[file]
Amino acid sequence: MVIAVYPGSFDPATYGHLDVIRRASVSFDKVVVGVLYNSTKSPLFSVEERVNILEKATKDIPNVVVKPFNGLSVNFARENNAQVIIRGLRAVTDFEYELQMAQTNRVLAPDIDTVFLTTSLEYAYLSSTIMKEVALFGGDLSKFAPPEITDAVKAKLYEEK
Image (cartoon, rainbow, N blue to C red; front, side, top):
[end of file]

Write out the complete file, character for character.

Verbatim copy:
Amino acid sequence: MVIAVYPGSFDPATYGHLDVIRRASVSFDKVVVGVLYNSTKSPLFSVEERVNILEKATKDIPNVVVKPFNGLSVNFARENNAQVIIRGLRAVTDFEYELQMAQTNRVLAPDIDTVFLTTSLEYAYLSSTIMKEVALFGGDLSKFAPPEITDAVKAKLYEEK
Image (cartoon, rainbow, N blue to C red; front, side, top):